Before Pantone announced that the Color of the Year was…
Every year in Toronto, some of the most talented make-up artists descend on this fine city to impart knowledge and, of course, sell us some amazing goodies! IMATS, also known as the International Make-Up Artist Trade Show, is geared at pros, students and freelance artists who want to stock their kits, network, discover products or learn something new.
Although there are some great deals to be had, I go mostly for the demos and learning sessions. And this year, my FAVOURITE MUA was there, the outspoken and super talented Kevin James Bennett. He really tells it like it is and is not afraid to be frank and honest, no matter who he pisses off.
His session was called MAKE-UP BRUSH 101: EXPLORING THE TOOLS OF THE TRADE and was sponsored by Royal & Langnickel. Here is what I learned.
All brushes mentioned are from the [R]evolution line Kevin helped create.
THE EASY DOUBLE BRUSH TRICK: How to get all-day eyeshadow
You need to be quick, have both brushes in hand (he used the BX50 – a flat concealer brush and BX75 – a medium buffing brush).
Apply gel liner as shadow (he used Kryolan definer) on the lid with the concealer brush and blend out immediately.
This base will stay all day, won’t smudge and can last in all kinds of weather.
Continuing on to his smokey eye look…
Pat a shimmer over this matte base (he used a Yaby pigmented).
Then apply a neutral matte to the crease. Keep the eye OPEN while you apply the crease.
Blend out. Then blend some more. Then BLEND SOME MORE.
Apply a light MATTE shade to the browbone, not a shimmer.
Using the BX-70, blend the browbone shade down into the crease.
Words of wisdom:
You only need ONE neutral matte palette, not a few. And by neutral matte, I do not mean “naked”.
“The only things I know that are naked and shimmer are vampires and sunlight”
Then on to contouring…
KJB’s motto is “let the face do the work”. By highlighting the natural bone structure and not going overboard with harsh lines and shimmers, you can wear this look during the day.
He dabbed Face Atelier’s Zero Minus (a white foundation) in an upside-down triangle under the eye and a bit under the brows, blending everything together with a BX-15.
I found this technique so natural and easy-to-do (so I bought the Zero Minus as well)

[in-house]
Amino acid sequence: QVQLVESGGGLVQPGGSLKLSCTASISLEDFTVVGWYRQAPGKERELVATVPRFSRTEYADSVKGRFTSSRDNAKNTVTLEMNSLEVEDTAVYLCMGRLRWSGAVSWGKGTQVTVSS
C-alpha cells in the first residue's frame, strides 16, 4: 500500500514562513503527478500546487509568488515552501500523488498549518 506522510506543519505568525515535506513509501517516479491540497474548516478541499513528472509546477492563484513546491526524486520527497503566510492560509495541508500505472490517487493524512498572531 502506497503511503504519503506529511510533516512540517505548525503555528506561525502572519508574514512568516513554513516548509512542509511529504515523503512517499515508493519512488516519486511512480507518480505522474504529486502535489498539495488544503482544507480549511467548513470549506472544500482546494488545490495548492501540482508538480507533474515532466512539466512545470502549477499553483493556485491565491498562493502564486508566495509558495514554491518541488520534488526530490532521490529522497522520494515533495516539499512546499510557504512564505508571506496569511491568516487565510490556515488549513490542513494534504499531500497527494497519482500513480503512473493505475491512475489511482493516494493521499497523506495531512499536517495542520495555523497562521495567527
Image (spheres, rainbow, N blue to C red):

Now onto blush. Using a bright matte shadow (that’s right, you don’t need a separate blush palette), he patted a small amount of colour on the apples of the cheeks.
Then using a dry brush (BX-15) he buffed out.
So after the demo, I hit up the Royal & Langnickel booth, where Kevin was helping people choose brushes. We had a quick chat and I tried not to fan girl, then I grabbed three of the brushes suggested in his demo.
These are some seriously high quality brushes. They actually put MAC to shame to be honest. They are sturdy synthetic fibres so the shape holds true after washing, and the handles fit in my hand so perfectly.
BX70 – large flat eye fluff
Fits into the groove under the brow. Use to blend down the brow bone and crease. It’s also good to push and wiggle dark shadow into lash line.
BX-66 – eye blender
When Kevin said this brush was better than my beloved MAC 217, I was skeptical. But so far, he has not steered me wrong so I had to grab it. (Sidenote: this was by far the most popular brush at the booth). I have to say, it definitely gives the 217 a run for its money. This is easier to handle and a bit more precise but has the same blending power. Hmmmm.
I have been using these brushes for about 2 weeks now and DAMN what a difference it has made in my daily routine. My shadow is blending better, my blush goes on easier. Just overall, super fantastic. So thank you KJB for your knowledge awesomeness.
And I’ll leave you with some more wise words:
Keep your kit small. If you need a certain colour, then make it. I’m a makeup-artist dammit, I can mix my own colours! – Kevin James Bennett
Enter the giveaway here